Hackers steal $2.3m from Trump’s re-election account in Wisconsin – Newstrends
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Hackers steal $2.3m from Trump’s re-election account in Wisconsin

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Hackers stole $2.3m from a Wisconsin Republican Party account that was being used to help US President Donald Trump’s re-election bid in the swing state, the party said in a statement on Thursday.

Reuters reported the Wisconsin Republicans as saying that hackers got the money by doctoring invoices sent under the name of the party’s vendors.

It said the party noticed the suspicious activity on October 22 and contacted the FBI on Friday.

There was no immediate response to an email seeking comment from the FBI.

“These criminals exhibited a level of familiarity with state party operations at the end of the campaign to commit this crime,” Wisconsin Republican Party Chairman, Andrew Hitt, said in the statement.

Trump won Wisconsin by a small margin in 2016 and it remains a state that could help decide the November 3 election, with both the President and Democratic challenger, Joe Biden, making strenuous efforts to rally supporters there.

Reuters/Ipsos polling from October 20-26 shows Biden with a solid 53 per cent to 44 per cent lead over Trump in the state.

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High cost of cement, other building materials unacceptable – Housing minister

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High cost of cement, other building materials unacceptable – Housing minister

The federal government has said cement manufacturers are not doing enough to stem the rising cost of cement in the country.

The government said it would not accept a situation where the price of essential building materials like cement continues to rise uncontrollably.

A press statement signed by the special adviser on media to the minister of housing and urban development, Mark Chieshe, revealed that his principal, Ahmed Dangiwa, relayed the message when he summoned cement manufacturers to a meeting at the ministry’s headquarters in Abuja yesterday.

Dangiwa expressed displeasure over the steady, recurring, and alarming increase in the prices of cement and other building materials and accused the manufacturers of hiding behind unstable forex to inflict hardship on Nigerians. He described the situation as unacceptable and inimical to the growth of the country, saying that the government cannot accept such illicit price hikes.

He said the incessant hike has overtaken the country in the past few months, which has seen the price rise by over 100 percent, from N5,500 a few months ago to over N10,000 today.

“This represents a 100 percent rise. And it is not only cement; we have also seen near-record high escalations in the prices of other building materials such as iron rods and other fittings. I recall that late last year, BUA Cement announced a commendable reduction in the price of cement from N5,500 to N3,500 per bag. I applauded the gesture, and several other stakeholders did too. But today, the reality is that cement prices are escalating. Clearly, this is a crisis for housing delivery.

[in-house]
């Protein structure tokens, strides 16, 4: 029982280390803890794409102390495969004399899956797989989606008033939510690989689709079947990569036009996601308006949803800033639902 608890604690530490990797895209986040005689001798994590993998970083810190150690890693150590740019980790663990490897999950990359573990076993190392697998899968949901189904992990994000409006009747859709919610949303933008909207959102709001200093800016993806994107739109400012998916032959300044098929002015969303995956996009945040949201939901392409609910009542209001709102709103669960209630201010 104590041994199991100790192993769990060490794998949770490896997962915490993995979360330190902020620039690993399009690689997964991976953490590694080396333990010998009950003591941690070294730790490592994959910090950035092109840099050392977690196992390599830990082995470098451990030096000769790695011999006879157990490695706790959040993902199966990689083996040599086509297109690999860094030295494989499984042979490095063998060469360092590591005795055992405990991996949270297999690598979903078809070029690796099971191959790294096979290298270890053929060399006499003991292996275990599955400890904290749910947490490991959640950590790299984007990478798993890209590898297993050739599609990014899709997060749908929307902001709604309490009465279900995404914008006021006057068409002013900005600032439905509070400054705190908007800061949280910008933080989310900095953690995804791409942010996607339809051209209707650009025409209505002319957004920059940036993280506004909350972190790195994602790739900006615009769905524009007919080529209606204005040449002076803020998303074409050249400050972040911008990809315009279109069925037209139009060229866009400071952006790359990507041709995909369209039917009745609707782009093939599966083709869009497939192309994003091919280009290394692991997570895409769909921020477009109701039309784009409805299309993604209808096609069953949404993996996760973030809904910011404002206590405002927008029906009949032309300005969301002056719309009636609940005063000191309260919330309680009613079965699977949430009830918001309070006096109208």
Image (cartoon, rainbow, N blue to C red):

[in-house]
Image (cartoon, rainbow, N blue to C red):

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“An increase in essential building materials means an increase in the price of houses. An increase in the cost of building houses means more and more Nigerians can no longer afford to own houses and provide decent shelter for themselves and their loved ones.

“We know that some of the key components of producing building materials, especially cement, are locally sourced, so the recurring disproportionate increase in the price of cement is unacceptable and unreasonable. Key input materials such as limestone, clay, silica sand, and gypsum within our borders should not be dollar-rated. You cannot continue to give excuses and blame it on dollars all the time. The worst part is that other building materials’ manufacturers take a cue from cement manufacturers, and once they see that you increase your price, they do the same as well. Recently, this is happening almost every week, and it has to stop,” he said.

He said rather than make Nigerians bear the brunt in their quest to make profit in the face of slight macroeconomic headwinds, cement manufacturers should be innovative and come up with a roadmap as part of the committee that has been set up to tackle the challenges for the benefit of Nigerians.

While arguing further that the situation poses a threat to housing delivery, which is the main focus of the ministry, the minister explained that if they were planning to build a one-bedroom apartment for about N8 million under the present situation, it will now cost twice that much, about N16 million to build, and lamented that if a Nigerian could afford to own a home for N8 million, it would now be impossible to do so.